Collaborative Advantage: How Organizations Win by Working Together by Elizabeth Lank
Collaboration across organizational boundaries is often critical but difficult to achieve. This book explores the structures, processes, roles, skills, tools and techniques that enable people in different places to achieve a successful joint outcome and build advantage through collaboration. Written by an experienced practitioner who has facilitated many collaborative efforts, it includes practical case studies to illustrate key points.
Q: What makes for a successful community of practice?
A: Three keys are:
- A compelling topic — The members and potential members must be passionate about the subject for collaboration, and it must be relevant to their work.
- A critical mass of members — You usually need at least 50 members, with 100 being a better target.
- A committed leader — The community leader should know the subject, have energy for stimulating collaboration, have sufficient time to devote to leadership, and then regularly spend time increasing membership, lining up speakers, hosting calls and meetings, asking and answering questions, and posting information which is useful to the members.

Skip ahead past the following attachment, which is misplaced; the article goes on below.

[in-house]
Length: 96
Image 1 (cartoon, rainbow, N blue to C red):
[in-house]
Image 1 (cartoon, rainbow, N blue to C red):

Question for the readers of this blog:
On the Internet, there are several examples of wildly successful social networking programs that encourage people to sign up, fill in personal details in their profiles, and invite others to join their networks. 85% or more of college students use Facebook, lots of musicians use MySpace, and nearly 5 million business users have signed up for LinkedIn.
Is there a potential for a similar “killer application” within organizations — one which would result in a large percentage of employees voluntarily signing up, filling in details about themselves, and linking to other employees? Possibilities include nicely-formatted personal home pages, easy-to-use personal blogs, and other internal social networking tools.